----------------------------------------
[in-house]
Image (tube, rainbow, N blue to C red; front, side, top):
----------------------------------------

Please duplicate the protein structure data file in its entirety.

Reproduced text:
[in-house]
Image (tube, rainbow, N blue to C red; front, side, top):